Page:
Syria, Russia & Arab youth dominate discussions at Beirut Institute Summit

The summit brought together regional decision makers, thought leaders and cross sections of society

Ismaeel Naar
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Questions surrounding Syria and the escalation of Russian air strikes targeting moderate groups, ISIS, and the ongoing violence in Palestine dominated the opening discussions at the Beirut Institute Summit held in the United Arab Emirates capital Abu Dhabi.

The summit’s key discussion on Saturday was “reconfiguring the Arab region and its global space: Beyond political economy and security threats.”


During his remarks, former director of Saudi Intelligence Prince Turki Al Faisal and co-chairman of the summit said: “The world needs to be committed - not just talk about - the region’s problems.”

Al Faisal’s comments came during a panel discussion that focused on establishing a roadmap on redefining the Arab region’s global positioning.

Former CIA director David Patreus, Lebanon’s Minister of Interior and Municipalities Nohad El Machnouk, former U.N. Humanitarian Chief Valerie Amos and Bahraini business leader and CEO of DMI Khalid Janahi also shared the panel.

The latest developments in Syria, where Russia has been bombarding areas in the country’s western region, since the start of the month, was a key issue the panel kept touching on.

“The problem with Syria is that we’re dealing with the symptoms and not the diseases. The idea to simply focus on Daesh (ISIS), and not address the disease in Damascus, in my opinion is a mistake,” Al Faisal said.

Patreus reiterated the same lines, adding that the world needed to question and focus attention back on Assad. “Barrel bombs continue to fall on the heads of innocents, we should ground Assad’s air forces and we have the capability to do that,” he said.

“There must be a military context created in Syria before diplomacy can work.”

“President Barack Obama’s approach currently does not work,” added the former CIA director.

Iran and the GCC

On another panel, the topic of GCC-Iran rapprochement was the focal point between GCC Secretary General Abdullatif Al Zayani and U.N. Deputy Secretary General Jan Eliasson.

Iran has to start by making specific small gestures like releasing its occupation of UAE islands before embarking on the larger questions of stability in the region, said Al Zayani.

“Iran needs to take the opportunity to build trust with us. There are a lot of opportunities on the table, this can start with the UAE islands that have now been under occupation now for over 40 years,” Al Zayani said.

Speaking on the sidelines of the summit, Dubai-based professor and political analyst, Abdulkhaleq Abdullah told Al Arabiya News it was a way to attend to the smaller issues before tackling on the bigger ones.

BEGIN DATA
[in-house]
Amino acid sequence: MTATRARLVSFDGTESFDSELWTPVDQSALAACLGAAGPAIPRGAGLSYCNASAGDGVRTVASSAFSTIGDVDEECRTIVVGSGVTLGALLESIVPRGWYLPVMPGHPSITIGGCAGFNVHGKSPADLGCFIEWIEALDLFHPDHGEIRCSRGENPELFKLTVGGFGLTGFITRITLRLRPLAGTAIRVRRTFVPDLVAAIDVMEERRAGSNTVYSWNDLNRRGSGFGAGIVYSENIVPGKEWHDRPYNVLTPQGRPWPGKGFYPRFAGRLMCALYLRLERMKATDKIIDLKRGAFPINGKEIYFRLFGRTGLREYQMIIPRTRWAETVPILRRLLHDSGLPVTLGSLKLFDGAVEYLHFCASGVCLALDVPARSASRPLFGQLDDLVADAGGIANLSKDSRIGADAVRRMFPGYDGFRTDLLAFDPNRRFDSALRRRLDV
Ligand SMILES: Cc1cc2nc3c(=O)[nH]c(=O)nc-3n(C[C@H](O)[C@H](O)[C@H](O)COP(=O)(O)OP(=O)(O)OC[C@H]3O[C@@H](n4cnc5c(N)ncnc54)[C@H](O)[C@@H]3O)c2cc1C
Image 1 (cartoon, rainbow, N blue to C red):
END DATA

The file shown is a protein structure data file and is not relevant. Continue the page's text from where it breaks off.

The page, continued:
“With Iran, one has to start somewhere and that means going back to the basics. It’s difficult to tackle the macro issues with conflicts here and there. Maybe a practical gesture on this long-standing issue with the Gulf Arab states can be a stepping stone to a more meaningful dialogue later on,” Abdullah said.

‘Enabling the Arab youth’

Secondary discussions during the summit’s opening day focused on the role of Arab youth and the necessary steps needed to be taken in order to guarantee a strong future for them.

“The biggest challenge facing the Arab world today, is providing sufficient jobs for its young people. Young people, who are left idle with little hope for the future, become easy prey for evil forces,” said the UAE’s Minister of Culture, Youth and Community Development, Sheikh Nahyan Bin Mubarak Al Nahyan.

Also speaking on the sidelines of the summit, former U.N. Under-Secretary-General for Humanitarian Affairs, Valerie Amos, told Al Arabiya News that the one concrete action the Arab world needed to undertake was to broaden beyond security issues when talking to younger generations.

“When we focus simply on the security prism, we lose sight of the range of issues from human rights to governance, education, [and} a whole host of other issues. Constraining the debate to extremism and violence is excluding, not inclusive,” Amos told Al Arabiya News.

Honoring Saud Al Faisal

The opening day of the summit ended with tributes to, and the honoring of the late Saudi Foreign Minister Prince Saud Al Faisal for nearly four decades service, and the UAE’s Sheikha Jawaher Bint Mohammed Al Qasimi for her humanitarian efforts.

Although discussions of the Syria file and the role of Arab youth dominated the first day of the summit, one key topic that stood out was Palestine.

Saturday saw more violence as weeks of unrest left many asking whether Israel and Palestine were facing another intifada. It comes after Israeli forces on Saturday shot dead two Palestinians aged 12 and 15, during protests along Gaza’s border fence, raising the number of Palestinian dead in the past 11 days of unrest to 19 killed in Occupied Jerusalem alone.

When offered the last word during his panel discussion, Prince Turki Al Faisal simply said: “The last word is Palestine.”

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